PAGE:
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Event is Part of the Museum’s “Year of Hamilton” Programming

Broadway’s smash hit Hamilton: An American Musical has undoubtedly ignited a revival of interest in early American history, but where does history end and theater begin? On Wednesday, April 3, 2019 from 6 – 8 p.m., the Museum of the American Revolution will host "Historians on Hamilton," an evening panel discussion on balancing artistic license with historical accuracy, and how theater professionals and historians can work together to inspire new generations of audiences through storytelling. 

The panel will include Renee C. Romano and Claire Bond Potter, co-editors of the book Historians on Hamilton: How a Blockbuster Musical is Restaging America’s Past (Rutgers University Press, 2018), a collection of 15 essays that explore the Hamilton phenomenon and what it might mean for our understanding of America’s history. Also joining the panel will be Philadelphia-based performer and playwright James Ijames and writer, teacher, and scholar Brian Eugenio Herrera, a contributor to Historians on Hamilton and Associate Professor of Theater in the Lewis Center for the Arts at Princeton University.

The discussion will include a question-and-answer session with the audience and will be followed by a book signing for Historians on Hamilton. Tickets are $20 for general admission, $15 for museum members and Organization of American Historians (OAH) Conference attendees, and $10 for students and theater professionals. They are now available for purchase here.

The Museum’s Hamilton Was Here: Rising Up in Revolutionary Philadelphia exhibit closes March 17, 2019, but the Museum’s “Year of Hamilton” continues through September with special programs, tours, and artifacts related to Alexander and Eliza Hamilton on display in the core exhibit. For more information, visit

About the Panelists

Renee C. Romano is co-editor of Historians on Hamilton and is the Robert S. Danforth Professor of History and Professor of Comparative American Studies and Africana Studies at Oberlin College in Ohio. A specialist in 20th-century American cultural and political history and in the field of historical memory, she is the author or editor of numerous books, including Racial Reckoning; Reopening America’s Civil Rights Trials, Race Mixing: Black-White Marriage in Postwar America, and The Civil Rights Movement in American Memory. For more information, visit or find her on Twitter at @reneeromano8.

James Ijames is an award-winning Philadelphia based performer, playwright, and assistant professor of theater at Villanova University. Ijames is the 2011 F. Otto Haas Award for an Emerging Artist recipient and has won three Barrymore Awards. He is currently directing “Gem of the Ocean” at the Arden Theater through March 31, 2019. Ijames is a founding member of Orbiter 3, Philadelphia’s first playwright producing collective. For more information, visit or find him on Twitter at @jwilli1867.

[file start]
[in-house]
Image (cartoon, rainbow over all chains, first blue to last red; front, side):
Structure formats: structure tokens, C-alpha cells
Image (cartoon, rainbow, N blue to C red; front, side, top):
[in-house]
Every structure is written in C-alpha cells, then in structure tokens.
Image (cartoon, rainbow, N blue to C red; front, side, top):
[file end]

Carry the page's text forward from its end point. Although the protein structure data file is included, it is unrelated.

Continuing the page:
Brian Eugenio Herrera is the author of Latin Numbers: Playing Latino in Twentieth-Century U.S. Popular Performance and assistant professor of theater at Princeton University, The Lewis Center for the Arts. His work, both academic and artistic, examines the history of gender, sexuality and race within and through U.S. popular performance. He contributed an essay to Historians on Hamilton on “Looking at Hamilton from Inside the Broadway Bubble.” For more information, visit or find him on Twitter at @stinkylulu.

Claire Bond Potter, co-editor and contributor to Historians on Hamilton, is a professor of history and the executive editor of Public Seminar at The New School in New York. She is the author of War on Crime: Bandits, G-Men, and the Politics of Mass Culture. Her writing has appeared in general audience publications such Dissent, The Washington Post, Jacobin, and the New York Times. Potter received her bachelor’s degree from Yale University and her doctoral degree from New York University. Currently, she is writing a biography of political media titled Click Bait Nation: The Origins of American iPolitics. For more information, visit or find her on Twitter at @TenuredRadical.

About Museum of the American Revolution
The Museum of the American Revolution explores the dramatic, surprising story of the American Revolution through its unmatched collection of Revolutionary-era weapons, personal items, documents, and works of art. Immersive galleries, powerful theater experiences, and digital touchscreens bring to life the diverse array of people who created a new nation against incredible odds. Visitors gain a deeper appreciation for how this nation came to be and feel inspired to consider their role in the ongoing promise of the American Revolution. Located just steps away from Independence Hall, the Museum serves as a portal to the region’s many Revolutionary sites, sparking interest, providing context, and encouraging exploration. The Museum, which opened on April 19, 2017, is a private, non-profit, and non-partisan organization. For more information, visit or call 877.740.1776.